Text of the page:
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Cut Flowers: Colourful, Classy, and Carbon-Intensive...?

As lockdown has separated families, many of us will be looking to send a floral gift this Mother's Day. Whilst beautiful, out-of-season, cut flowers are often either flown in from Africa or South America, or raised in greenhouses in the Netherlands - so have a large carbon cost.


One red rose could be the carbon equivalent of 4.5 kilos of bananas, making them one of the most carbon-intensive things per pound in your shopping basket.


Send a Bouquet Without the Environmental Damage!

Fortunately, there are several companies out there making cut flower gifting as sustainable as possible. Here are our recommendations:


Arena Flowers

Officially the UK's most ethical florist, Arena earned a perfect 100 score last year in the Ethical Company Index. Throughout the supply chain, the company uses organic, compostable materials and has taken measures to reduce the amount of plastics in use. For every bunch of flowers bought, they plant a tree in a country experiencing deforestation


Fairtrade? Not all of the bunches, but there are plenty of options that are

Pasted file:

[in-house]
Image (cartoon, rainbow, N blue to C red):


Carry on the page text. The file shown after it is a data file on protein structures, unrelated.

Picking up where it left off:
Plastic free? Yes, the cellophane wrapping is biodegradable

British bunches? There are four British bouquets to choose from


Shop Arena Flowers here


Appleyard Flowers

Appleyard packs its flowers in paper, card and biodegradable cellophane and asserts that it is working to ensure all elements in the production process create as little waste as possible. It only sources stems from Britain and occasionally Kenya, putting a percentage of what they pay for these flowers back into the community - that means building new schools and only working with Fairtrade farms that pay workers a decent wage.


Fairtrade? The stems sourced from Kenya are fairtrade

Plastic free? Yes, the cellophane used is biodegradable

British bunches? Yes, all Appleyard flowers are either British or from fairtrade Kenyan farms